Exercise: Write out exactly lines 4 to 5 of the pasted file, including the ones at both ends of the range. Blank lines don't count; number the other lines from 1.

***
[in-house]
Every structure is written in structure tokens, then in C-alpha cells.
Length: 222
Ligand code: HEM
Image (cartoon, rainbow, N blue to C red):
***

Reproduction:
Ligand code: HEM
Image (cartoon, rainbow, N blue to C red):